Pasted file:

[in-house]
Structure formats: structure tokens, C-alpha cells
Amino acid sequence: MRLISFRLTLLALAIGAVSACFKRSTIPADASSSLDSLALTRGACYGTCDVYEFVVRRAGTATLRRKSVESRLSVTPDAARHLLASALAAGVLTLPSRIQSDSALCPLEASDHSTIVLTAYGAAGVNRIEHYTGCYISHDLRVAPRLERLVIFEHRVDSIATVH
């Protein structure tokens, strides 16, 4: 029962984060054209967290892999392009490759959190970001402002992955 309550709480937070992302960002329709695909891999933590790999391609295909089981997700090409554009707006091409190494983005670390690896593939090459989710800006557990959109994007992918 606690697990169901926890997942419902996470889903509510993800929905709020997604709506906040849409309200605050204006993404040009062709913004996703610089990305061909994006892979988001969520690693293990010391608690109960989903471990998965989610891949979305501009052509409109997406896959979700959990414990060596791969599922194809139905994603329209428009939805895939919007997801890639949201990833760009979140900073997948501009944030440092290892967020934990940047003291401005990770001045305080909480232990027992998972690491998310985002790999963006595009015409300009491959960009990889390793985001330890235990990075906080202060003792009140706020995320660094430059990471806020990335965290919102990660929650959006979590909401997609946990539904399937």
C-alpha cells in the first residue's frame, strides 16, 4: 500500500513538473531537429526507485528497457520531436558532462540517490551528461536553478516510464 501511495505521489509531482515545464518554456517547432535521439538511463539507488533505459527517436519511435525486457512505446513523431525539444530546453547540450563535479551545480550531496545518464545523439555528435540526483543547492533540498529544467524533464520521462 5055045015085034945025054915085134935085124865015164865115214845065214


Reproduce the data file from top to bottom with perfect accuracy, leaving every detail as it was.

[in-house]
Structure formats: structure tokens, C-alpha cells
Amino acid sequence: MRLISFRLTLLALAIGAVSACFKRSTIPADASSSLDSLALTRGACYGTCDVYEFVVRRAGTATLRRKSVESRLSVTPDAARHLLASALAAGVLTLPSRIQSDSALCPLEASDHSTIVLTAYGAAGVNRIEHYTGCYISHDLRVAPRLERLVIFEHRVDSIATVH
């Protein structure tokens, strides 16, 4: 029962984060054209967290892999392009490759959190970001402002992955 309550709480937070992302960002329709695909891999933590790999391609295909089981997700090409554009707006091409190494983005670390690896593939090459989710800006557990959109994007992918 606690697990169901926890997942419902996470889903509510993800929905709020997604709506906040849409309200605050204006993404040009062709913004996703610089990305061909994006892979988001969520690693293990010391608690109960989903471990998965989610891949979305501009052509409109997406896959979700959990414990060596791969599922194809139905994603329209428009939805895939919007997801890639949201990833760009979140900073997948501009944030440092290892967020934990940047003291401005990770001045305080909480232990027992998972690491998310985002790999963006595009015409300009491959960009990889390793985001330890235990990075906080202060003792009140706020995320660094430059990471806020990335965290919102990660929650959006979590909401997609946990539904399937």
C-alpha cells in the first residue's frame, strides 16, 4: 500500500513538473531537429526507485528497457520531436558532462540517490551528461536553478516510464 501511495505521489509531482515545464518554456517547432535521439538511463539507488533505459527517436519511435525486457512505446513523431525539444530546453547540450563535479551545480550531496545518464545523439555528435540526483543547492533540498529544467524533464520521462 5055045015085034945025054915085134935085124865015164865115214845065214